could there also have been the possibility that the marijuana, if, like the meth lab, that indeed existed, had been prescribed medically? i am also assuming this was a ‘no knock’ invasion by the police, which has caused problems elsewhere. however, i somehow doubt that an 80year old person had the speed and dexterity of mind or body to have been any sort of major threat. this sounds more like a person who just wanted to shoot someone and is using whatever bullshit and lies he can dream up, along with whatever bullshit and lies he can get his colleagues to spin to try to get him out of this almighty pile of shit! i think one thing i would be looking at, if i were an attorney in the case was how many other shooting incidents these officers had been involved in and what the results were? could prove interesting!

Skeptic123 says:

You Buried the Lede

Ahh… There is this big hole in the middle of the story, to wit:

Why had the LASD AND (County?) Code Enforcement repeatedly visited this person? What was going on before this ‘meth’ bust?

Which leads to the second question: Who told/asked the Deputy in question to set up the fictional ‘meth’ bust?

As crazy as it sounds, this does not sound like the typical police screwup, it sounds like a hit.

A typical screwup would be they beat up an 80 year old (resisting arrest) who then has heart failure. Oops.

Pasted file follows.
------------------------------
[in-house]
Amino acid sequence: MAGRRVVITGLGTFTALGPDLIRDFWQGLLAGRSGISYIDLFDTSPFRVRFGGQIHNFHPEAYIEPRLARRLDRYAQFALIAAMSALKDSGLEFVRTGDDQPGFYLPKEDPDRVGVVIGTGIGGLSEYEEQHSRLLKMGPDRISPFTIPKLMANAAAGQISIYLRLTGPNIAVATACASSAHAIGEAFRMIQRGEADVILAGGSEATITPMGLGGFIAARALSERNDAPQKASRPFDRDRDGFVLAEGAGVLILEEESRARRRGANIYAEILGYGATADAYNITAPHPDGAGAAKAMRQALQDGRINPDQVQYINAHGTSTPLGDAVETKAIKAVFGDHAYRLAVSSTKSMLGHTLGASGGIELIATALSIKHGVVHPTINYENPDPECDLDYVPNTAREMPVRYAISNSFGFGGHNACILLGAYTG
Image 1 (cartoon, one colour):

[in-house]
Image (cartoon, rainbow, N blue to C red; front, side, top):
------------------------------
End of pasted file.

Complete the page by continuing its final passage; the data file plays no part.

But here, somebody put six(?) rounds into a 80 year old guy lying on a bed? On a blatently bogus ‘meth’ bust, where the facts on the ground prove the deputy’s affidavit had to be knowingly false. And the cops had to know that the falsity of the affidavit was going to be exposed.

This smells of corruption in some parts of the LA County government (at least LASD and Code Enforcement), and that makes this felony murder.

I say corruption, because of the linkage between the previous government action, the knowingly false ‘meth’ bust, and an apparent ‘bad’ shoot.

This is your lede:
Killing Exposes LA County Corruption
Film at 11

art guerrilla (profile) says:

Re: Re: You Buried the Lede

NSA Intercept Program 122-235BAQ
Sub-section 2011.a Compliant

1st Officer: I thought you had the meth to plant.

2nd Officer: No, you said, you had enough in your locker, you could take some.

1st Officer: Well, yeah, but I thought you said you already had some to drop.l

2nd Officer: I did. Then after I hit it, I didn’t.

1st Officer: Oh.

1st Officer: Crap.

zip says:

Assuming the cop’s side of the story isn’t a complete fabrication, it wasn’t even close to a fair fight.

The 80-y.o. victim supposedly tried to defend himself with a measley .22 caliber pistol (without firing a single shot) while the cops came armed with MP-5 submachine guns (which generally only police and military are allowed to possess).